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The photo above shows the Historic Entrance to Mammoth Cave. With over 350 miles of surveyed passages, Mammoth Cave is longer than any other known cave. While called a cave, Mammoth is more accurately described as a system of interconnected caves or passages. I have a map on my wall that shows cave passage locations under the park and it looks somewhat like a bad case of varicose veins. The passages twist and turn and branch off from each other in many directions. There are 4 separate levels of the cave, in one area near the historic entrance there are 4 levels of passages one above the other. Evidence of exploration and mining of the cave for minerals by prehistoric men was found in the cave in the form of the spent torches they used for light. But apparently sometime around 2000 years ago the cave was abandoned (or avoided for some reason) and men didn't enter it again until early European settlers moved into the area in the 1780's. The European/Americans immediately saw an opportunity, and began to exploit the cave. Notably the cave was mined for saltpeter using slaves in the early 1800's. The saltpeter was used to make gunpowder. By 1816 the cave was being developed and marketed as a tourist attraction. Slaves that formerly worked the mines now became guides for tourists, and these slaves also did much of the early exploration of the cave passages. In addition to the cave system, the park includes a 27 mile section of the Green River, ponds and historical buildings.
There are many available cave tours. They were working on installing a new cave lighting system and other facilities at the time of our visit and apparently some facilities were closed for construction. We found the information regarding tours a bit confusing, we seemed to get conflicting information on which tours were being offered and restroom availability. I wasn't feeling very good, and didn't relish the idea of 2 hours trapped on a tour in a cave, so we decided to only take the short, basic "Discovery Tour". Instead of caving we spent a considerable amount of time exploring the above ground part of the park. To be perfectly honest, we've been in a lot of caves over the years, but we hadn't been in Kentucky before!
In the early 1800's a saltpeter (calcium nitrate) mining operation was set up in the cave, and the large Rotunda room was used for processing the saltpeter. Dirt from the cave floor contains calcium nitrate. Slaves were used to haul this dirt in carts from other parts of the cave to the Rotunda. Wood frames were filled with the dirt, then the dirt was leached with water to dissolve and remove the calcium nitrate. The water used for leaching was piped in from outside of the cave using wood pipes. After leaching the soil in the frame, the leach water was collected in pipes under the frame and from there it ran down into wood storage tanks. From the tanks a hand pump was used to pump the water through wood pipes back out of the cave. You can still see some of the wood pipes on the cave floor in Houchins Narrows between the Rotunda and the historic entrance. Once on the surface, the leach water was further processed to remove impurities by filtering it through barrels filled with wood ash. Finally the remaining filtered water was boiled away, leaving the saltpeter crystals. The saltpeter crystals were packaged and shipped to factories in the Eastern U.S.A., where it was used as an ingredient for making gunpowder. Much of the saltpeter used for making gunpowder for use in the War of 1812 came from Mammoth Cave. The mining operation closed down around 1815 when the end of the war caused a decline in the demand for saltpeter.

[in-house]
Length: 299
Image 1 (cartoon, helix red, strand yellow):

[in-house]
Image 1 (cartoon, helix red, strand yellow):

The Heritage Trail starts near the hotel and loops around the old guide's cemetery.
(William) Floyd Collins was exploring Sand Cave in 1925, when a rock lodged on his leg and he became trapped. A frantic rescue effort followed, which became a major media event. Newspaper and radio updates followed the progress, and a reporter actually crawled into the cave and interviewed him while he was trapped! Thousands of people came to the rescue site. So many showed up that vendors set up concessions and souvenir stands and a carnival-like atmosphere ensued. The rescue effort failed when the cave ceiling collapsed between him and the rescuers. They could no longer provide him with food and warmth, they frantically get digging, but Floyd died a few days later of starvation and exposure. His body was later removed and displayed for tourists in Crystal Cave, which he had discovered. When the Park Service purchased Crystal Cave, his family requested his body be moved, so it is now buried in the cemetery at the Mammoth Cave Baptist Church. For more on the tragic story of (William) Floyd Collins, and the nationwide media circus that surrounded his attempted rescue, Click here.
The Mammoth Cave Campground is located a short hike from the Visitor Center. There are 2 other campgrounds located elsewhere in the park. All of the campgrounds have toilets, picnic tables, grills, and water. None of the park campgrounds have electrical, water or sewer hook-ups. There is a gas station, store, laundry, and shower facilities located adjacent to the Mammoth Cave Campground.
For more information on Mammoth Cave, including available cave tours, see the National Park Services Mammoth Cave website at http://www.nps.gov/maca/.
For reservations or more information on booking a room at Mammoth Cave see the hotel website at http://mammothcavehotel.com/.
Text and Images by Jess Stryker. Copyright © Jess Stryker, 2006. All rights reserved. Permission is granted for student use of photos for non-profit school/class projects.